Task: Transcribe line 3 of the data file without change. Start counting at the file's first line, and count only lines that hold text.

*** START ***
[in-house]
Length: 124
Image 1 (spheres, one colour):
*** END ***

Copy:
Image 1 (spheres, one colour):